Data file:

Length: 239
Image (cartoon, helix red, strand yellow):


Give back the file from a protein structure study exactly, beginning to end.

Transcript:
Length: 239
Image (cartoon, helix red, strand yellow):